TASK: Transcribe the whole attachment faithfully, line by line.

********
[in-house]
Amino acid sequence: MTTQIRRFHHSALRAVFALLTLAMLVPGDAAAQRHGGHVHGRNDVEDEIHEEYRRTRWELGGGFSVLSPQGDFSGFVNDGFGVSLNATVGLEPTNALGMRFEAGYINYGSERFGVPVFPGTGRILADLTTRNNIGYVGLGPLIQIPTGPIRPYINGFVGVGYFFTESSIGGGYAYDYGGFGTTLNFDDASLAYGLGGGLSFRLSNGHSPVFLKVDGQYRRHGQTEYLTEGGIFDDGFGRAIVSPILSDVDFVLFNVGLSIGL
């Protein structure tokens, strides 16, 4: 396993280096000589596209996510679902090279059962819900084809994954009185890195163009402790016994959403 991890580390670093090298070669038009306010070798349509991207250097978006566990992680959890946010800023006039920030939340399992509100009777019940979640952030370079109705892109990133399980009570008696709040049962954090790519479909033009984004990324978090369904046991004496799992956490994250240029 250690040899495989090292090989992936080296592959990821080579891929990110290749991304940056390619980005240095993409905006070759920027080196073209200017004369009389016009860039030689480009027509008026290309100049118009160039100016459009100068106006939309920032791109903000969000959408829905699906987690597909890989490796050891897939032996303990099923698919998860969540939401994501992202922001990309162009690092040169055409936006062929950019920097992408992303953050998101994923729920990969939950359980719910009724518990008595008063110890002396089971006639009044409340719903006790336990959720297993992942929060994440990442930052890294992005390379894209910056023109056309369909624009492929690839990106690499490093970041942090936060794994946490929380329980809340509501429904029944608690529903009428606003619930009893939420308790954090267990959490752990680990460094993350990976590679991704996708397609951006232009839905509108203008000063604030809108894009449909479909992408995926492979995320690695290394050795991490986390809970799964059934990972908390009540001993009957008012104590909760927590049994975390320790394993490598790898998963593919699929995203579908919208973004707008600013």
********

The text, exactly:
[in-house]
Amino acid sequence: MTTQIRRFHHSALRAVFALLTLAMLVPGDAAAQRHGGHVHGRNDVEDEIHEEYRRTRWELGGGFSVLSPQGDFSGFVNDGFGVSLNATVGLEPTNALGMRFEAGYINYGSERFGVPVFPGTGRILADLTTRNNIGYVGLGPLIQIPTGPIRPYINGFVGVGYFFTESSIGGGYAYDYGGFGTTLNFDDASLAYGLGGGLSFRLSNGHSPVFLKVDGQYRRHGQTEYLTEGGIFDDGFGRAIVSPILSDVDFVLFNVGLSIGL
């Protein structure tokens, strides 16, 4: 396993280096000589596209996510679902090279059962819900084809994954009185890195163009402790016994959403 991890580390670093090298070669038009306010070798349509991207250097978006566990992680959890946010800023006039920030939340399992509100009777019940979640952030370079109705892109990133399980009570008696709040049962954090790519479909033009984004990324978090369904046991004496799992956490994250240029 250690040899495989090292090989992936080296592959990821080579891929990110290749991304940056390619980005240095993409905006070759920027080196073209200017004369009389016009860039030689480009027509008026290309100049118009160039100016459009100068106006939309920032791109903000969000959408829905699906987690597909890989490796050891897939032996303990099923698919998860969540939401994501992202922001990309162009690092040169055409936006062929950019920097992408992303953050998101994923729920990969939950359980719910009724518990008595008063110890002396089971006639009044409340719903006790336990959720297993992942929060994440990442930052890294992005390379894209910056023109056309369909624009492929690839990106690499490093970041942090936060794994946490929380329980809340509501429904029944608690529903009428606003619930009893939420308790954090267990959490752990680990460094993350990976590679991704996708397609951006232009839905509108203008000063604030809108894009449909479909992408995926492979995320690695290394050795991490986390809970799964059934990972908390009540001993009957008012104590909760927590049994975390320790394993490598790898998963593919699929995203579908919208973004707008600013």